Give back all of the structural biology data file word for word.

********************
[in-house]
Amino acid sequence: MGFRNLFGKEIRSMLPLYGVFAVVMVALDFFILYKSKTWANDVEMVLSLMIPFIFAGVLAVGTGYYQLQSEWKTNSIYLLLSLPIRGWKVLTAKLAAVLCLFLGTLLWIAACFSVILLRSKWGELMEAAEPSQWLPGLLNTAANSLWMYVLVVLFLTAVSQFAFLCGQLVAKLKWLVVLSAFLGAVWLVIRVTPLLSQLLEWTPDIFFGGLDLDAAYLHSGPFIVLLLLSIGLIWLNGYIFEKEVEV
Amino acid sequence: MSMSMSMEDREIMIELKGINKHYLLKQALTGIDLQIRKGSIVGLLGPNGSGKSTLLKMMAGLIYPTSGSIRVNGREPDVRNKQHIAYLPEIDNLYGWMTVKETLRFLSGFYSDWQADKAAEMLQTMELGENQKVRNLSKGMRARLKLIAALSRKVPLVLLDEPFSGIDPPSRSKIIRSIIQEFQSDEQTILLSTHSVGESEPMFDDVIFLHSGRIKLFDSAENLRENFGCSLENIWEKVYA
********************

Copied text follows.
[in-house]
Amino acid sequence: MGFRNLFGKEIRSMLPLYGVFAVVMVALDFFILYKSKTWANDVEMVLSLMIPFIFAGVLAVGTGYYQLQSEWKTNSIYLLLSLPIRGWKVLTAKLAAVLCLFLGTLLWIAACFSVILLRSKWGELMEAAEPSQWLPGLLNTAANSLWMYVLVVLFLTAVSQFAFLCGQLVAKLKWLVVLSAFLGAVWLVIRVTPLLSQLLEWTPDIFFGGLDLDAAYLHSGPFIVLLLLSIGLIWLNGYIFEKEVEV
Amino acid sequence: MSMSMSMEDREIMIELKGINKHYLLKQALTGIDLQIRKGSIVGLLGPNGSGKSTLLKMMAGLIYPTSGSIRVNGREPDVRNKQHIAYLPEIDNLYGWMTVKETLRFLSGFYSDWQADKAAEMLQTMELGENQKVRNLSKGMRARLKLIAALSRKVPLVLLDEPFSGIDPPSRSKIIRSIIQEFQSDEQTILLSTHSVGESEPMFDDVIFLHSGRIKLFDSAENLRENFGCSLENIWEKVYA